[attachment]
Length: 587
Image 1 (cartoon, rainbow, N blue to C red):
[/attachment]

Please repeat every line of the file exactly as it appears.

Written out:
Length: 587
Image 1 (cartoon, rainbow, N blue to C red):